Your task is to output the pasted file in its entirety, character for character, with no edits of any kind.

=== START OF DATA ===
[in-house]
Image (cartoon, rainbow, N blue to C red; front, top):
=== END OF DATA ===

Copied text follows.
[in-house]
Image (cartoon, rainbow, N blue to C red; front, top):